So what are they for? Well, they have a couple of purposes. Firstly, they protect the face of the longboard bearing from getting damaged. Secondly, they help to prevent friction and therefore keep your wheels turning smoother and faster. If you’re new to longboarding and don’t want to spend time picking out speed washers yourself, you can always opt for a set of built-in bearings…

Built-in Bearings

If you’ve been on a quest to find the answer to the question ‘what are the best bearings?, perhaps you’ve come across these. As the name suggests, built-in bearings come with all the components already built in.

Having both the spacers and speed washers fixed to the bearing comes with its advantages; for one thing they’re quicker and easier to clean – you won’t have to worry about taking things apart and losing stuff. Built-ins are also handy if you like to change your wheels every now and again, e.g. for different terrain, for riding downhill etc.

The only real disadvantage to using built-ins is that if you end up damaging or losing one bearing, you’ll probably have to buy a complete set again in order to replace it, instead of just replacing a single spacer or washer like you would with traditional bearings.

How to change longboard bearings?

Time needed: 30 minutes.

Ready to try out your sweet new bearings? Well, of course you’ll first need to learn how to put bearings on a longboard if you haven’t done it before. Firstly, remove the nut on the wheel by turning it counterclockwise.

  1. 1. Remove the nut on the wheel

    Turn the nut counterclockwise to remove it

  2. 2. Take off the speed washer

  3. 3. Remove the wheel

  4. 4. Take off the old bearings

    Push them from one side – you might have to use a bit of pressure to get them out

  5. 5. Put the board onto its side

    The axle should be poking upwards. Slide one of the bearings onto the axle.

  6. 6. Add a spacer

    Once the bearings is in place, add a spacer if you’re using them.

  7. 7. Slide the wheel back on

  8. 8. Push the bearing into the wheel’s socket

    Put some pressure onto the bearing to push it into the wheel socket. It should then just click into place.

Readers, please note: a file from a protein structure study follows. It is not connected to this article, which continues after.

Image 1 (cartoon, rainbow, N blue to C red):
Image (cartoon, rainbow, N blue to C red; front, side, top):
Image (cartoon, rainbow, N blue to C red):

Now you know how to put bearings in longboard wheels – just three left to do!

Cleaning longboard bearings

In order to keep your new longboard wheel bearings performing at the very best level, you need to look after them properly. Dry them when they get wet, and if they start to get too dirty or noisy you’ll need to give them a clean. This can take a bit of time, but it’s really important so you don’t end up replacing your bearings every few months.

How to clean longboard bearings:

  1. After you’ve removed your wheels from the longboard, you need to remove the shields from the bearings. To do this, take a small knife and use it to carefully pry the shield upwards. Make sure not to bend the shield while removing it.
  2. Clean the shields by wiping them with a warm soapy cloth – don’t use solvent as it can damage them. Dry them thoroughly after.
  3. If you want to be totally thorough, you can then clean the cages and balls. HOWEVER, be aware that this is fiddly and a slip up can damage the retainer quite easily. If you want to go ahead, use something thin to carefully remove the balls, making sure not to let any run away from you in the process.
  4. Next, add the ball retainers and the bearings to the cleaning solution you’ve chosen, wearing safety gear such as rubber gloves where needed. Give it a shake, and then leave everything to soak; anything from a few minutes to overnight is ok.
  5. Use your cloth to give everything a decent wipe over, then dry it all thoroughly.
  6. If you removed the balls from the retainers, put them back inside.
  7. Lubricate!
  8. Put the shields back on – again, be very careful not to bend them.
  9. Hopefully, by now you know how to install longboard bearings, so put them back on your wheels and off you go!


How often should I clean my longboard bearings?

It depends on the surface you’re riding on most often and the weather. At a minimum, once every 2 months.

How often should I lubricate my longboard bearings?

While it depends how much you’re using them (and how hard), you should generally change them every one or two years.

How long does it take to break in new bearings?

It will depend on the quality and also the type of lubricant that the bearing came with (if any). But usually a couple of runs will do the trick.

How can I tell if I need new longboard bearings?

If they’re making a lot of noise, or they’ve stopped spinning so fast it’s time to get a new set.

What makes bearings stop working properly?

Rust is a big one – make sure they’re kept dry as much as possible. Bearings also hate dust and sand.

Can I keep using damaged bearings?

It’s really not a good idea. They can suddenly seize up and then an accident can easily occur.

In conclusion…

So that brings us to the end of our longboard bearings guide. Hopefully you have a deeper knowledge about these important little pieces of gear now, and we helped to answer your question ‘what are the best longboard bearings?’. When it comes to choosing the right bearings, longboard users should take all of the above information into account – it can be a little overwhelming but it’s best to swat up as much as possible so you can build the ultimate longboard to suit you.